By Sherry Torkos
Warmer weather is approaching, and with it comes a new growing season for trees and grass; flowers start to bloom, and pollen hits the air. Although the warmth is a welcome change, the shift from spring to summer brings misery to an estimated 50 million Americans who suffer from seasonal allergies.
Allergies are on the rise, affecting as many as 30 percent of adults and 40 percent of children. Several theories have been postulated to explain the rising prevalence, from changes in our diet (increasing consumption of junk food) and the way food is grown (GMOs and pesticides) to exposure to chemicals in the environment and our ultra-hygienic way of living.
Although researchers continue to explore the underlying cause of allergies, we can explain what is happening in the body of those afflicted. Allergies occur when the immune system overreacts or reacts inappropriately upon exposure to an otherwise harmless substance—the allergen. For those with seasonal allergies, the triggering substances are trees, grass, or flower pollen. The immune system recognizes these substances as foreign and responds by producing antibodies, which trigger the release of inflammatory chemicals, including histamine, leukotrienes, and prostaglandins. Histamine is responsible for the notorious allergy symptoms of itchy eyes, a runny nose, and sneezing; leukotrienes cause excess mucus production, and prostaglandins trigger inflammation.
Allergies and colds share some common symptoms, such as sneezing, runny nose, congestion, and sinus pain and pressure. So how do you tell the difference? A cold usually lasts seven to 10 days, whereas allergy symptoms persist much longer—weeks to months. Sneezing associated with allergies often occurs in rapid and multiple sequences; those with a cold are more likely to experience sporadic sneezing. Mucus secretions are clear or runny with allergies, but often yellow or greenish with a cold. In addition, allergies often cause itchy eyes, nose, and mouth or throat.
Having an allergy skin test is the quickest and most accurate way to determine your specific allergy triggers. Knowing your triggers is important so that you can take steps to avoid them. An allergy skin test is an easy procedure: The skin is lightly pricked with an allergen (such as grass or flower pollen) and after 20 minutes the doctor checks for an allergic reaction, such as redness and swelling.
There are several over-the-counter and prescription medications that can help manage allergy symptoms. Antihistamines are used to treat itching, runny nose, and sneezing. Older antihistamines such as diphenhydramine (Benadryl) are effective, but they cause substantial drowsiness and need to be taken several times throughout the day (about every six hours). Newer products such as cetirizine (Zyrtec) and loratadine (Claritin) cause less drowsiness and are taken once daily; however, they may still cause side effects such as dry eyes, mouth, and nose. Antihistamine eye drops, such as Visine, are commonly used to relieve the notorious red allergy eyes—but they really just mask the problem and can also cause dry eyes and irritation.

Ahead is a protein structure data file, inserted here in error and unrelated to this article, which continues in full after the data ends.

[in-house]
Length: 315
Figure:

Decongestants relieve sinus congestion, or that feeling of fullness and pressure. Examples include pseudoephedrine and phenylephrine. These products are effective, but their side effects can be troublesome and include insomnia, racing heart, increased blood pressure, and irritability. Those with high blood pressure, glaucoma, or prostate enlargement should avoid these products. Nasal sprays containing decongestants work quickly and are less likely to cause racing heart or high blood pressure, but these products can cause rebound congestion if used for longer than three days.
Considering all of the side effects associated with allergy medications, it is not surprising that natural methods for dealing with allergies have become very popular. There are several dietary, lifestyle, and supplemental strategies that can greatly help manage allergy symptoms—and even help to prevent them from occurring.
For congestion: Nasal irrigation with a neti pot or nasal wash can help clear pollen and mucus from your nasal passages, relieve congestion, and improve breathing. Make a salt-water solution by mixing 1 teaspoon of canning or pickling salt with 16 ounces (2 cups) of purified lukewarm water. Adhering to this ratio makes sure any parasites floating in the water are dead. Lean forward over a sink and slowly pour the solution into one nostril and let it run out the other nostril. This can be repeated a few times daily. You can also add a few drops of essential oils (such as eucalyptol) to the nasal wash to enhance the effects.
For sneezing and runny nose: Try a supplement that contains butterbur. This herb helps reduce inflammation and has antihistamine effects. Some research has found it to be just as effective as commonly used antihistamine drugs.
For red eyes: Try Similasan Allergy Eye Relief. This homeopathic remedy contains 100-percent natural ingredients that work to activate the body’s own healing ability and helps relieve the burning, itching, and redness associated with allergies. It does not contain any harsh chemicals or vasoconstrictor drugs.
For a dry hacking cough: Try a teaspoon of dark honey. Honey contains various nutrients that help to calm a cough and soothe a sore throat.
Finding relief from seasonal allergies may involve a variety of lifestyle, supplemental, and medical approaches. For more advice, consult with your healthcare practitioner.
Sherry Torkos is a pharmacist, author, and health enthusiast with a passion for prevention. She has authored 18 books and booklets, including The Canadian Encyclopedia of Natural Medicine, Saving Women’s Hearts, and The Glycemic Index Made Simple. For more information visit sherrytorkos.com.